The message of secondary abstinence is important, Dr. Beilenson says, because well over 80 percent of high school students in the city have had sex by graduation.
Boys in Baltimore lose their virginity on average between the ages of 12 and 13, and girls between the ages of 13 and 14, the health commissioner said.
A 1990 study by the Centers for Disease Control and Prevention in Atlanta found nationwide that 32 percent of girls and 48.7 percent of boys have sex in ninth grade. Three out of four high school students reported having had sex by the time they graduated. Nearly 40 percent of the 11,631 students polled said they'd had sex in the last three months.
"We're reaching out to people who have been sexually active, and we're reaching out to elementary kids because we want to get to them before they're sexually active," Dr. Beilenson says. -- "We want to focus on how to really talk to teen-agers about abstinence. It's not as simple as 'just say no.' "
Two dozen schoolchildren in Baltimore interviewed in recent weeks said sex still is considered cool by the popular crowds, but chastity no longer is a sure sign of being a nerd. Boys brag in the halls about their sexual exploits, and girls often boast about getting expensive clothes and gold earrings spelling out their names in return for sex.
But long-term relationships are valued more than one-night stands, students say.
"In sixth grade, I remember you'd be in the bathroom talking about, 'He so fine,' and asking 'How do I get him?' " recalled 17-year-old Melinda Carter, the mother of a 10-month-old boy, Marque. "And someone would say, 'Have sex with him.' "
Derek Jones, a 16-year-old at Mergenthaler Vocational-Technical Senior High School, says teens are confused by conflicting messages -- "Just Say No" vs. "Just Do It." Sex, he says, is "the topic of conversation, and a lot of times the girls are even more graphic than the guys."
He agrees with Kenia Brown, a 15-year-old from Baltimore Polytechnic Institute, who believes many high school students don't necessarily want to have sex, but see it as a rite of passage. Both of them are active with the group, Preparing Responsible Individuals, counseling eighth-graders on the risks and responsibilities of sex.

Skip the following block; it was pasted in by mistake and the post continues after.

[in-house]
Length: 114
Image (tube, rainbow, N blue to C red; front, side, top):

Reasons for waiting
In a classroom full of giggling 13-year-olds, Rebecca Severns, who is just three years older, remained calm and collected as she listed the reasons for waiting to have sex. "Pregnancy. AIDS. Sexually transmitted diseases. Your reputation."
The walls of the health classroom at Fallstaff Middle School are covered with posters from Campaign for Our Children, which is best known for the giant billboards that show the word "Virgin" scrawled in spray paint and a slogan, "Teach your kids it's not a dirty word."
One of the school posters says, "A baby costs $474 a month. How much do you have in your pocket?"
Rebecca says she was amazed when she moved to Baltimore from Western Maryland at the start of high school and discovered most of her classmates were having sex. She now has six friends who were pregnant. But she's no longer embarrassed to say she and her boyfriend plan to wait until they're married to have sex.
For boys, public celibacy can require more bravery than bragging about sex. "I think it's harder for guys. A guy will respect a girl, but if you tell another guy that you're abstinent, they'll think you're weird or homosexual or bisexual or don't like girls," confesses Charles Mullins, a 16-year-old senior at Mergenthaler who says he is waiting to fall in love with the right person.
Just how effective the message from him and other peer counselors will be remains to be seen. Derek Jones, for example, passes on the word to eighth-graders, but admits he doesn't practice abstinence himself. Still, he's committed to the program. "I was just like them in eighth grade. You're curious, your body is going through a lot of changes, and you don't want some 40-year-old person standing up and talking at you," he says. "Strangely enough, it's becoming more acceptable to be a virgin these days. I do think it can be an option for people."
Artesia Fulcher isn't sure if chastity is the answer, but she believes in every effort that provides more information on sex and its consequences.
Her parents just told her to say no, she says. Now, she's 18 -- and a mother.